Poems by Jean Ingelow, In Two Volumes, Volume II. eBook

This eBook from the Gutenberg Project consists of approximately 280 pages of information about Poems by Jean Ingelow, In Two Volumes, Volume II..

Cold, my dear,—­cold and quiet. 
  In their cups on yonder lea,
Cowslips fold the brown bee’s diet;
  So the moss enfoldeth thee. 
“Plant me, plant me, O love, a lily flower—­
  Plant at my head, I pray you, a green tree;
And when our children sleep,” she sighed, “at the dusk hour,
  And when the lily blossoms, O come out to me!”

    Lost, my dear?  Lost! nay deepest
      Love is that which loseth least;
    Through the night-time while thou sleepest,
      Still I watch the shrouded east. 
Near thee, near thee, my wife that aye liveth,
  “Lost” is no word for such a love as mine;
Love from her past to me a present giveth,
  And love itself doth comfort, making pain divine. 
    Rest, my dear, rest.  Fair showeth
      That which was, and not in vain
    Sacred have I kept, God knoweth,
      Love’s last words atween us twain. 
“Hold by our past, my only love, my lover;
  Fall not, but rise, O love, by loss of me!”
Boughs from our garden, white with bloom hang over. 
  Love, now the children slumber, I come out to thee.

SLEDGE BELLS.

The logs burn red; she lifts her head,
  For sledge-bells tinkle and tinkle, O lightly swung. 
“Youth was a pleasant morning, but ah! to think ’tis fled,
  Sae lang, lang syne,” quo’ her mother, “I, too, was young.”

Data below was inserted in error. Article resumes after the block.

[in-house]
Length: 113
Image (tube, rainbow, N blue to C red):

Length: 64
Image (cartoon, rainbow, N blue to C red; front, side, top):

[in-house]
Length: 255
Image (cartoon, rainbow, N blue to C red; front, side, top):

No guides there are but the North star,
  And the moaning forest tossing wild arms before,
The maiden murmurs, “O sweet were yon bells afar,
  And hark! hark! hark! for he cometh, he nears the door.”

Swift north-lights show, and scatter and go. 
  How can I meet him, and smile not, on this cold shore? 
Nay, I will call him, “Come in from the night and the snow,
  And love, love, love in the wild wood, wander no more.”

MIDSUMMER NIGHT, NOT DARK, NOT LIGHT.

Midsummer night, not dark, not light,
  Dusk all the scented air,
I’ll e’en go forth to one I love,
  And learn how he doth fare. 
O the ring, the ring, my dear, for me,
  The ring was a world too fine,
I wish it had sunk in a forty-fathom sea,
  Or ever thou mad’st it mine.

Soft falls the dew, stars tremble through,
  Where lone he sits apart,
Would I might steal his grief away
  To hide in mine own heart. 
Would, would ’twere shut in yon blossom fair,
  The sorrow that bows thy head,
Then—­I would gather it, to thee unaware,
  And break my heart in thy stead.

That charmed flower, far from thy bower,
  I’d bear the long hours through,
Thou should’st forget, and my sad breast
  The sorrows twain should rue. 
O sad flower, O sad, sad ring to me. 
  The ring was a world too fine;
And would it had sunk in a forty-fathom sea,
  Ere the morn that made it mine.

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Poems by Jean Ingelow, In Two Volumes, Volume II. from Project Gutenberg. Public domain.
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